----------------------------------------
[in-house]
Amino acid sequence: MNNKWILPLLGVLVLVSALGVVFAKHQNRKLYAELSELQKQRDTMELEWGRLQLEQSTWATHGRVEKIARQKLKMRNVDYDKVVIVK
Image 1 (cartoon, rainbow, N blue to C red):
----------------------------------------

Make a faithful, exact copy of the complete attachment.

[in-house]
Amino acid sequence: MNNKWILPLLGVLVLVSALGVVFAKHQNRKLYAELSELQKQRDTMELEWGRLQLEQSTWATHGRVEKIARQKLKMRNVDYDKVVIVK
Image 1 (cartoon, rainbow, N blue to C red):